Fitness Guide to Workout Supplements to Boost Your Performance

The workout supplement industry is one of the most rapidly growing ones, and it’s getting bigger by the day as more and more people start working out. These supplements are created to give you a boost of energy before doing some exercise and help you recover from an intense workout. 

Which Workout Supplements Are Most Effective?

Close-up of workout supplements

While the choice of workout supplement is ultimately a personal one, there are some that have been shown to be more effective than others. What your body needs will also change as you age, so it’s important to keep that in mind when selecting a supplement.


The beta alanine supplement is one of the most popular choices for fitness enthusiasts and athletes because of its proven efficiency in enhancing performance. The beta alanine amino acid doesn’t work on its own. It joins with histidine and they make carnosine. 

Carnosine gets stored in your muscles and when you exercise, it improves your performance by reducing the acidity in your muscles. This is especially important in high-intensity workouts. When you buy beta alanine powder and start to use it, you’ll feel an increase in endurance and reducing in fatigue.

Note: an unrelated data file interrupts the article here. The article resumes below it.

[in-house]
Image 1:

Muscle fatigue can limit the duration of your exercise so taking this supplement can increase your exercise time and reduce any possible exhaustion. Athletes that work on long-distance running can benefit the most because of the energy boost beta alanine provides. There is evidence that it can also increase your muscle mass, but it won’t be by a lot. 

You can also find beta-alanine in food but in smaller quantities. That’s why most people are leaning towards supplements to get maximum performance. Animal products such as meat, fish and poultry are the richest sources, which means, vegans and vegetarians have around 50% less beta-alanine in their organisms. 
When it comes to dosage, 1.2g a day would be an effective one. This way you’ll maintain 30-50% more carnosine in your muscles. But be careful, if you consume large doses of beta alanine powder there are some side effects, such as skin rashes and paresthesia.


Creatine is a substance you can find naturally in our muscle cells. Its main goal is to help muscles produce more energy while you do some heavy lifting or high-intensity exercise. This is a popular supplement among bodybuilders and athletes because it helps them gain muscle mass, improves their performance and enhances their strength. 

Your body produces creatine from the amino acids, glycine and arginine. Half of it is produced in the liver and kidneys and half comes from the food you eat, such as seafood and red meat.

Creatine improves the strength and power of your upper and lower limbs. The boost that it gives to the muscles can be a game-changer in short, explosive bursts like races or any combat sport. Because creatine enhances cellular hydration, it’s also beneficial in humid and hot climates.